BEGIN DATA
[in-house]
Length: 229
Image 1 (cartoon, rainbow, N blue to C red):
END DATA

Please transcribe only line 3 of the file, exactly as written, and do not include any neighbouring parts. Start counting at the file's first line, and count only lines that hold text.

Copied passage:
Image 1 (cartoon, rainbow, N blue to C red):